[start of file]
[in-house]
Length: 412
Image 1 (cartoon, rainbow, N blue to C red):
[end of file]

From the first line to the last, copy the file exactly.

[in-house]
Length: 412
Image 1 (cartoon, rainbow, N blue to C red):